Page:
Last year, Porsche introduced the public to a host of concepts from obscure design studios and a book titled “Invisible.” The Vision Renndienst concept was one of them, with the minivan being an updated version of the vintage Volkswagen Type 1 racing service van that worked for the Porsche racing team in the 1950s (Renndienst means “racing service”) . The concept didn’t reveal its interior, but a glance through the tinted window in the render revealed what looked like seats for five or six, one of those seats placed along the centerline. Porsche said Autoblog at the time, the company was focused on sports cars, so “the minivan concept … is not our plan at all.” Nonetheless, of all the concepts in the book, Porsche decided to devote three of its best design minds to creating the âinterior of the futureâ for it.
Porsche Design Director Michael Mauer, Interior Design Director Markus Auerbach and User Experience Design Director Ivo van Hulten have collaborated to imagine what the minivan driver of the future will need. That being Porsche, naturally this minivan driver still likes to let off steam on some winding B roads, so the captain’s quarters are a single seat in the middle of the cockpit. Behind, two ergonomic bucket seats flank the driver, giving those occupants unobstructed views of the windshield and views of two retractable screens suspended just below the dashboard assuming occupants have raptor vision.
At the rear, a bench seat runs the full width of the van, curving at the edges along the wall. There doesn’t seem to be much room between the backseat and the tailgate, so the six-passenger cabin is probably still best for racing services like transferring team drivers and VIPs from the hotel to Track. This front captain’s chair can swivel 180 degrees to face the rest of the occupants, which is perfect for a trackside meeting in a private, mobile office.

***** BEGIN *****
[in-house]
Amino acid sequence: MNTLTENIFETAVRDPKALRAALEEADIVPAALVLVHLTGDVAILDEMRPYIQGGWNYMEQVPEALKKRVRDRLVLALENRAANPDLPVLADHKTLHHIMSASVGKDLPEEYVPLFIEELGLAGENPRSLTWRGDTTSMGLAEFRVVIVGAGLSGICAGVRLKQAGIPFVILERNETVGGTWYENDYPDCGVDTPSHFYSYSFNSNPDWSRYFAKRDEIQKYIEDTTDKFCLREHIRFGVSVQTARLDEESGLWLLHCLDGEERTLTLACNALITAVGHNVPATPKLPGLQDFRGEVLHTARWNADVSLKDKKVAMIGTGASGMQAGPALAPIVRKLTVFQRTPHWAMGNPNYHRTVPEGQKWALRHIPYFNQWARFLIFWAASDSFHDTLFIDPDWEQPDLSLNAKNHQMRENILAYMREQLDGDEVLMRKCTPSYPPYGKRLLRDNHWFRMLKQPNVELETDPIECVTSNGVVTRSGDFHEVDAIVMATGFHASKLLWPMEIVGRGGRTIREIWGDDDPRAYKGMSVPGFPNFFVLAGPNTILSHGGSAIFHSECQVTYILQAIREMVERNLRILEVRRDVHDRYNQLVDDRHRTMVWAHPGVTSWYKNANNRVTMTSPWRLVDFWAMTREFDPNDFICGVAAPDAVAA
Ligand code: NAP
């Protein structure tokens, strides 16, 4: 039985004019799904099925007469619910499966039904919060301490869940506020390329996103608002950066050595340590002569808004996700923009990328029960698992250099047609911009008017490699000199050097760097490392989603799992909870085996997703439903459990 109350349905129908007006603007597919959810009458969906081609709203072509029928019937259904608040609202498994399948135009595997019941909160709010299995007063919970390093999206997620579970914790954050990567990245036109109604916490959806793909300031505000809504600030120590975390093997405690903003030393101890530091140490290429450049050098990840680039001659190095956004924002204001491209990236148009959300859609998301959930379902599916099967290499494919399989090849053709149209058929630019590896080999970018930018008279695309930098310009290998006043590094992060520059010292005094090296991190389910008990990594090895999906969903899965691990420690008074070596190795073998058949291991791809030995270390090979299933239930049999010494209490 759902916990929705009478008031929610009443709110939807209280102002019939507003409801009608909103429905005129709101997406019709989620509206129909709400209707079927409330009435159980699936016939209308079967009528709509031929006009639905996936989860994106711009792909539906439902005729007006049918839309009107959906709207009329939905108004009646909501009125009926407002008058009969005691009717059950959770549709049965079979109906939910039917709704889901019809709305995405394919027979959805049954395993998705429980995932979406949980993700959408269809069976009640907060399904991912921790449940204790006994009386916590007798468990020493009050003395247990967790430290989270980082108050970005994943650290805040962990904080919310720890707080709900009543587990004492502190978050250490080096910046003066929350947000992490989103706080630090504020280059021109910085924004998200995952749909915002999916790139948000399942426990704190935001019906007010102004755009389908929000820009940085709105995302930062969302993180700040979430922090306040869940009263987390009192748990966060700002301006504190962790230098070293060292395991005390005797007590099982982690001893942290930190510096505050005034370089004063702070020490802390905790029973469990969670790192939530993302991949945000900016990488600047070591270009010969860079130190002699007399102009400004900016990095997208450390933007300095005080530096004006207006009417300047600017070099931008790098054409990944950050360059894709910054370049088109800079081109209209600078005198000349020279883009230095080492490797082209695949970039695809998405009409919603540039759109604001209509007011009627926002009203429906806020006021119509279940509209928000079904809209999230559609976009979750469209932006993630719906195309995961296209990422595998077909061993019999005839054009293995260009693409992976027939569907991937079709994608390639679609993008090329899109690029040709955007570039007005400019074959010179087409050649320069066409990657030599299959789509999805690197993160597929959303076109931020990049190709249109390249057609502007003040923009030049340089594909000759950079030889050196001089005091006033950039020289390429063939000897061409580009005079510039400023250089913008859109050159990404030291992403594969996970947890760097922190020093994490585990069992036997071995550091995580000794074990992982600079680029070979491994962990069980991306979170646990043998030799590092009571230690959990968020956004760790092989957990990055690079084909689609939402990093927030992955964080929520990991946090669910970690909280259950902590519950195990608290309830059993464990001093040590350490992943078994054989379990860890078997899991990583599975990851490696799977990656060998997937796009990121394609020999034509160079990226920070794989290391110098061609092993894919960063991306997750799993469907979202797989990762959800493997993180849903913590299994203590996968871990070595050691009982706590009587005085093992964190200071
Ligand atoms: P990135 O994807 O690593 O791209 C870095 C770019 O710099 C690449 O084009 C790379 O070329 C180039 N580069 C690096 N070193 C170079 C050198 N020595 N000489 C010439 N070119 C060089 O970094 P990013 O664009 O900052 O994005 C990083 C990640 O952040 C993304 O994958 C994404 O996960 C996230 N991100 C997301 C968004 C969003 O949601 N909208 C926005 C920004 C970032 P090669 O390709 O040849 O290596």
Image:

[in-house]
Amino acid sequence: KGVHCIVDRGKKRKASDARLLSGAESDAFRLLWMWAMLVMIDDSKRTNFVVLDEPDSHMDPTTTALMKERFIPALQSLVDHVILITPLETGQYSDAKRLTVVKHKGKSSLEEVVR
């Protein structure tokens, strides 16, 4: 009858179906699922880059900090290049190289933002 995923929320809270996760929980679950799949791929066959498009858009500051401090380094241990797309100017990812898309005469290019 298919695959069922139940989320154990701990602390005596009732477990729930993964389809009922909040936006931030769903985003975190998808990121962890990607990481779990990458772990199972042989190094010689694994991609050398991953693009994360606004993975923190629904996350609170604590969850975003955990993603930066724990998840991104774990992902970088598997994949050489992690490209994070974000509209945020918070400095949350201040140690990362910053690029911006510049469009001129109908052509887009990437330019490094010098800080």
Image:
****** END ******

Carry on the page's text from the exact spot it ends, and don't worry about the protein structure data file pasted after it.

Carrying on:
The exterior (the white van in the gallery above) has been slightly modified from the original images (the red van in the gallery below), with new headlights and doors with a different opening mechanism. Oddly, the exterior renderings omit the windows except the driver’s, but the interior views show a large window next to the passengers on the right side of the pickup. There is also a giant skylight to prevent the cabin from becoming a penalty bench.
Porsche apparently hasn’t finished with the Renndienst either. No one will be happy until we get a useful impression of the KITT from Knight Rider, UX designer van Hulten, saying the Talking Pontiac fascinated him as a child. “I connected to the car because it had a soul. What kind of daily interactions do we anticipate – in 30 years, will we call our car and then it will come and get us? Don’t touch Turbo Boost. Something tells me you shouldn’t touch the Turbo Boost. “